Late Renaissance Italy abounds in alchemy and Aristotle, yet it trembles on the brink of the modern world. In the autumn of 1609, Galileo begins observing the heavens with instruments made in his Padua workshop, assisted by the Venetian artisan Mazzoleni. The Roman Inquisition denounces Galileo and maintains that the telescope reveals only delusions.
But one night a stranger presents a different kind of telescope for Galileo to look through, and Galileo himself is not sure if he is in a dream, an enchantment, a vision, or something else as yet undefined. He will soon find himself straddling two worlds. Inexorably, he faces trial for religious crimes in his own time, while in the new world he discovers, where science assures men that they can perform wonders, but does not tell them what wonders to perform, he is revered.
Take a bag of history, add a few cups of supposition, a dash of third-person narration, a bit of 10-dimensional temporal physics, a hint of paradox... and bake slowly for nearly 580 pages at absolute zero degrees... and you have one kicker of a sci-fi storyline! This one really captured my attention... far more than KSR's 'Mars' series ever did. I was not only drawn in by the story of Galileo, but also the supposition of how the events may have panned out if a time-travelling self-appointed reality-corrector were to have turned up and started to stick his oar into the pond of manifold time.
Galileo has been one of the most inspirational avatars of science in the last millennium... the first true scientist and developer of the methodology of scientific exploration through experimentation and direct observation, he was at once a modest man and a braggart. Self-confessed as one of the greatest minds to have ever lived by that time, he was also reluctant to wear the crown of being the first true great scientist.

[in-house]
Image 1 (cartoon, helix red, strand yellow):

In his early years, a devout believer in Ptolemy's theories, he rapidly came to embrace, and then advocate, Copernicus' theories of the heliocentric universe, where the sun was the center about which all other planets rotated, in the same manner as the moon orbited the Earth. This was brought about by his early studies of Jupiter and it's four most easily seen moons: Io, Callisto, Ganymede and Europa. Only the Copernican system explained all the observable features of the solar system, such as the phases of Venus, Lunar and Solar eclipses, and the strange retrograde motions of Mars in the night sky, when it appeared to be moving backwards through the spheres of Ptolemy's Heaven!
Overall, I was utterly enamoured by this book on two fronts... firstly, the historical aspects, though somewhat slightly twisted to better the storyline, were fascinating. I love history presented in such a detailed, yet accessible manner. Secondly, the sci-fi aspects were also brilliantly done, not only giving pause for thought as to the alternative possible causes behind some of Galileo's stranger phrases in his writings, but also just because I love a good temporal paradox plot that somehow manages to keep itself internally consistent. The whole multi-dimensional braided time isotopes theory is utterly new to me, but won't remain so for long. For those who enjoy a good dose of 'sci' with their 'fi', this is certainly a book you should keep your eyes open for on the local bookshelves.
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